“We are committed to doing all we can do, not only in our congregations throughout the state, but in working with all of you in every mode — church, school, society. We must all come together to face this issue,” Elder Rasband said. “The Church of Jesus Christ of Latter-day Saints is going to be a very willing participant in the community effort to find answers to this very serious problem.”

Additional Church Statements and Resources on Suicide and Suicide Prevention

Preventing Suicide Website

Suicide is a serious problem in our homes, schools, churches, and communities.There is seldom a single cause or a simple solution. Whether you struggle with thoughts of suicide, know someone who does, or have lost a loved one to suicide, the resources on this site can help.

Understanding Suicide: Warning Signs and Prevention

When life’s challenges feel beyond our capacity to cope, we can experience extreme stress. When emotional distress feels unbearable, a person’s thinking can become clouded and can lead them to feel as if death is the only option. When someone shows any of the following serious warning signs, we should immediately get help from a mental health provider or emergency services.

BYU Devotional: President M. Russell Ballard

Suicide is a very complicated subject. Experts point out that there are multiple causes — including anxiety, depression, and chemical imbalance — that can lead to despair and loss of self-control. Be careful in what you say about suicide and realize that we do not know the full circumstances surrounding every suicide. 

“Like a Broken Vessel”: Elder Jeffrey R. Holland

Whatever your struggle, my brothers and sisters — mental or emotional or physical or otherwise — do not vote against the preciousness of life by ending it! Trust in God. Hold on in His love. Know that one day the dawn will break brightly and all shadows of mortality will flee. 

Anti-Bullying Video: “Bullying — Stop It”

“When it comes to gossiping, hating, ignoring, ridiculing, holding grudges, or wanting to cause harm, please apply the following: Stop It!”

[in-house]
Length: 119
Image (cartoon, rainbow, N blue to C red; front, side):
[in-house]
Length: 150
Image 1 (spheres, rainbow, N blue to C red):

“Don’t Give Up!” (article in the Friend, the Church’s children’s magazine)

If someone you know feels sad a lot: Be their friend. Even a little kindness can make a big difference. Get help. Offer to go with your friend to talk to a parent, teacher, or other trusted adult. Keep inviting them to do fun things.

“Dealing with Depression” (article in the New Era, the Church’s magazine for teenagers)

If you’re struggling with depression, realize that it isn’t a sign of weakness or something to be embarrassed about or to hide. Unfortunately, depression and other mental conditions can carry a stigma. This often leaves those who struggle with depression feeling stereotyped and alienated, which can keep them from getting help. 

“Understanding Suicide” (article in the New Era, the Church’s magazine for teenagers)

The deep despair and hopelessness depression brings can cause people to feel trapped to the point where ending their life seems like the only way to escape the pain.

Most who consider suicide, however, don’t really want to die; they just want relief from the pain. Suicidal talk and behavior is often a cry for help. 

“Suicide: Some Things We Know and Some Things We Do Not”: President M. Russell Ballard

As I think about the worry and agony of those whose loved one has taken his or her own life, I find deep comfort and faith in the Lord’s promise and blessing to us who remain in mortality: “Peace I leave with you, my peace I give unto you: not as the world giveth, give I unto you. Let not your heart be troubled, neither let it be afraid” (John 14:27).